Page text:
Given China’s pension system is not compulsory, there are three key actions Chinese employers can take to ensure their employees are exposed to the growth assets needed to build a sufficient level of savings to fund their retirements: increase workers’ pension coverage in both urban and rural, contribute consistently to employees’ pension plans, and offer more growth-oriented investment options.5

 

Chinese employers have much to gain by taking these priorities seriously. First, helping their employees attain financial wellness is simply the right thing to do. Beyond that, research shows employees who are not financially healthy have higher levels of stress and distraction, leading to lower productivity, poorer customer service and impaired health. On average, employees spend 13 hours per month worrying about money matters at work6 – a significant drag on productivity.

The government must act

 

At the heart of China’s retirement gap stands the government and the opportunity to modernize outdated practices. The reality is, the state pension age must be increased over time to reduce the ratio of time in retirement to working life. To help individuals mitigate their risk of outliving their savings, the government should introduce a requirement that at least a minimum safety net proportion of supplementary retirement benefits be taken as lifetime annuity income streams.

 

Access to high-quality investment options will play a critical role in helping Chinese citizens achieve financial security, and here government plays a key role. The government should permit overseas investment to provide its citizens with access to growth-oriented investment options. Diversification would permit Chinese citizens to pursue high investment returns at lower risk, rather than being limited to Chinese domestic securities. At the very least, the government should mandate that employers communicate plan options and opportunities to members in order to better employee understanding of their pension.5

 

In combination, these actions would narrow the gap directly, while helping individuals and employers play their own respective roles on a more favorable playing field.

 

Financial intermediaries must help educate

 

China’s rapid economic growth is lifting most of the population out of poverty, especially in urban areas. The purchasing power of China’s middle class is sky rocketing. By 2022, more than 75 percent of China’s urban consumers will earn RMB 60,000 to 229,000 a year. This is equivalent to the average income of Brazil and Italy.7 How the newly wealthy Chinese population spends or saves its money will be dramatically influenced by the low financial literacy plaguing the country. Without financial direction, short-term expenditures are being prioritized over long-term savings. A “casino” mentality is prevalent across Chinese individual investors.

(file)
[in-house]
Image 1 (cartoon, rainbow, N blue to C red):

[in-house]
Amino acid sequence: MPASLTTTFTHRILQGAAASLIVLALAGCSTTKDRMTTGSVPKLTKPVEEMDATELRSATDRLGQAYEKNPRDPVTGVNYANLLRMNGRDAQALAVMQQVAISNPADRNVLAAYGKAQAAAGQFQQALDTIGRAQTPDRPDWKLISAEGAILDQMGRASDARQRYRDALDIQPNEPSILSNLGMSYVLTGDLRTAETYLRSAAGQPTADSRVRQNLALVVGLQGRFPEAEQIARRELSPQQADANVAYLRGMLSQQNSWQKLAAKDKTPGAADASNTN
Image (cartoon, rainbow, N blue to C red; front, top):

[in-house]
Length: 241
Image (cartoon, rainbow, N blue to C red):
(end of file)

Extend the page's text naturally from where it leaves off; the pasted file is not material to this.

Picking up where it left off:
Financial intermediaries have an important role to play in helping individuals set more practical financial priorities. Through long-term-oriented advice, tools and financial products that are high in quality and low in cost, financial intermediaries can break through individual inertia and entice people to save. Partnering with the government and employers, these intermediaries can help China get better at recognizing what “good” financial advice and products look like.1

 

Assuring China’s future

 

The ability of Chinese citizens to consume and spend during their working years and throughout their retirement will have a direct impact on China’s growing economy. If China does not address its long-term savings gap, it risks aggravating a growing wealth divide and sparking unrest that could damage its social fabric. As the ancient Chinese philosopher and writer Lao Tze famously said, “The journey of a thousand miles begins with one step.”

 

Mending China’s pension gap requires immediate and bold action from a number of key stakeholders. It’s time to take the first of many steps.

1 Mercer. (2017). Bold Ideas for Mending the Long-Term Saving Gap. https://www.mercer.com/our-thinking/wealth/bold-ideas-for-mending-the-long-term-savings-gap.html.


2 Human Mortality Database. University of California, Berkeley (USA) and Max Planck Institute for Demographic Research (Germany). www.mortality.org


3 FKPMG. (2016). OECD, National Bureau of Statistics of China.中国养老金发展的战略趋势探讨.


4 “United States Personal Savings Rate 1959-2017 | Data | Chart | Calendar.” United States Personal Savings Rate | 1959-2017 | Data | Chart | Calendar, tradingeconomics.com/united-states/personal-savings.


“United Kingdom Household Saving Ratio 1955-2017 | Data | Chart | Calendar.” United Kingdom Household Saving Ratio | 1955-2017 | Data | Chart | Calendar, tradingeconomics.com/united-kingdom/personal-savings.6 FKPMG. (2016). OECD, National Bureau of Statistics of China.中国养老金发展的战略趋势探讨.


6 O’Keeffe, Kate. “China Curbs Hollywood Deals, but Greenlights Tech Investments.” The Wall Street Journal, Dow Jones & Company, 18 Aug. 2017, www.wsj.com/articles/china-issues-guidelines-on-curbing-outbound-investment-1503064455


7 Mercer. (2017). MELBOURNE MERCER GLOBAL PENSION INDEX 2017. https://www.mercer.com.au/our-thinking/mmgpi.html?utm_medium=social&utm_source=twitter&utm_campaign=mmgpi.


8 Li, Patrick. “Bureau of Statistics: Beijinger Workers Average RMB 6,500 per Month.” PatrickLi, The Beijinger, 17 June 2015, www.thebeijinger.com/blog/2015/06/17/beijing-averages-rmb-6500-month-report-bureau-statistics.


9 Mercer. (2016) Inside Employees’ Minds Financial Wellness. https://www.mercer.com/content/dam/mercer/attachments/global/inside-employees-minds/gl-2017-inside-employees-minds-financial-wellness.pdf.


10 Barton, Dominic, et al. “Mapping China’s Middle Class.” McKinsey & Company, McKinsey & Company, 1 June 2013,www.mckinsey.com/industries/retail/our-insights/mapping-chinas-middle-class.

David Anderson
David Anderson
President, International at Mercer